The DASH diet was designed to improve blood pressure and has also been shown to help prevent cardiovascular disease (Siervo et al. 2015). The diet promotes fruits, vegetables, and low-fat and fat-free dairy products, as well as whole grains, poultry, fish, nuts, seeds, and legumes, while restricting refined grains, sugary beverages, saturated fats, and red meats. The DASH diet is low in saturated fat and sodium and promotes foods higher in potassium, calcium, magnesium, and fiber. The DASH diet decreases the inflammatory marker hs-CRP, compared to usual diets, but was no better than other healthy dietary patterns (Soltani, Chitsazi, and Salehi-Abargouei 2018). Consuming a healthy diet, such as the DASH diet, may help to decrease inflammatory markers.

The Mediterranean dietary pattern promotes virgin olive oil, vegetables, fruits, whole grains, fish, a moderate intake of poultry, eggs, dairy and alcohol, and low red meat, sweets, and pastry consumption. Several studies have studied the effects of a Mediterranean dietary pattern on inflammatory markers. A review of these studies found that the Mediterranean dietary pattern improved several markers of inflammation (e.g. hs-CRP, IL-6) (Schwingshackl and Hoffmann 2014). Overall, the Mediterranean dietary pattern is a good option to promote health and may decrease chronic inflammation.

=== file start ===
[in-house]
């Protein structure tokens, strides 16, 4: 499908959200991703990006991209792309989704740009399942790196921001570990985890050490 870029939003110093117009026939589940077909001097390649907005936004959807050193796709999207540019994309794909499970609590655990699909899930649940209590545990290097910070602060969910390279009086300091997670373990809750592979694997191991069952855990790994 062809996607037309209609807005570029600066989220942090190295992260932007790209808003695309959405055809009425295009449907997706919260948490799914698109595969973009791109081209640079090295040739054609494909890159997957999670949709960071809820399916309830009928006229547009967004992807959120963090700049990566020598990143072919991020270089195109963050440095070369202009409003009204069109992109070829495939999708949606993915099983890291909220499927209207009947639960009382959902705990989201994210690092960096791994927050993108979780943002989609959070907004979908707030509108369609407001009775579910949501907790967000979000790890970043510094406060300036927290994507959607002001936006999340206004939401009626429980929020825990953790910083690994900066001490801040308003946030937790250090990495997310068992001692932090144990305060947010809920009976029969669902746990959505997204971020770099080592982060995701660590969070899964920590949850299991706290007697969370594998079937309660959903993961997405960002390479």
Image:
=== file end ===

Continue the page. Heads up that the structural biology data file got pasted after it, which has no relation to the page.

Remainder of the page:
A low glycemic diet is a dietary pattern that focuses on choosing low glycemic index (GI) foods and foods with a lower glycemic load (GL). Glycemic index is not only important for the control of blood glucose for those living with diabetes but may also play a role in decreasing inflammation (Schwingshackl and Hoffmann 2013). A review of studies has shown that decreases in the inflammatory marker CRP were more pronounced in adults who consumed lower GI/GL, compared to those who consumed higher GI/GL foods, even when studies including adults with type 2 diabetes were excluded (Schwingshackl and Hoffmann 2013). Adopting long-term, low glycemic diets may help to decrease inflammation.

Box 1. 

Glycemic Index (GI) is a way of ranking foods based on their effects on blood glucose in relation to a reference food.